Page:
They are one big friendship group, and yet they’re naturally split into their little pairings and smaller groups. There are the men, the women, the married ones, the single ones, the professionals, the parents, the ones who always wanted to sleep together, the one who always wanted to sleep with anyone and everyone, the drinkers, the drug takers, the straight-laced ones… the insomniacs, the early-risers, the last-to-the-breakfast-table ones. They convince as one of those loose groups, not bound together as one unit with a shared experience, but by the multiple connections between them.

But more than the individuals, it’s the interactions the film really gets right. Joking at a friend’s funeral, making light of why he might have taken his own life. Teasing each other about their successes, whether it’s taking the piss out of the TV show someone stars in or mocking the deferential way someone is treated by their employees. Goldblum’s journalist is nakedly interested in having sex with his dead friend’s girlfriend, his friends mock him. Hurt’s failed psychiatrist is self-destructing and his friends try to save him with barbs. And between the others runs a web of affairs and sexual encounters both past and planned for the future, all of which are interrogated. It’s laugh-out-loud funny, but it also prods at our natural instincts for regret. The successful ones wonder if they’ve sold out, and the failures wonder if they made some crucial mistake. Perhaps by the end, just one or two of them are willing to be content.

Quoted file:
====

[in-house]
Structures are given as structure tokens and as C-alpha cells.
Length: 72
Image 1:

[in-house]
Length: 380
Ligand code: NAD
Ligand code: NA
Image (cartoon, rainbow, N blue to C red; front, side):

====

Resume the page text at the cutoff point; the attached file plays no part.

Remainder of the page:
To carry the audience along on what is a zero-stakes, zero-action tale that frequently returns to themes of suicide, the soundtrack is loaded with absolute bangers. Every ten minutes the needle gets dropped on a total chooon! Seriously, try to resist finding The Big Chill Spotify playlist afterwards and dancing around the kitchen whilst tin-foiling leftover turkey like Close and Kline. Shot by John Bailey, the film is a masterclass in how to film groups of people talking in rooms. Kasdan never imposes himself on the drama, camera movement is subtle and effective. When the camera pushes in for a close-up, you know exactly what the character is thinking.

It’s moments like that that tell you everything is working well, the storytelling craft on display here is staggering if you think about it, but you won’t think about it because it stays out of view. It also never gets boring, which is a testament to the screenplay and direction, but mostly to editor Carol Littleton. Conversations are intercut just enough to keep the pace up, to allow for juxtaposition, but then when everyone is together the scenes are allowed to play out for as long as they need. The decision to shoot in a real house, or should I say mansion, pays dividends, and without that kind of real-world-rooting influence on every scene, it’s possible the entire drama would collapse.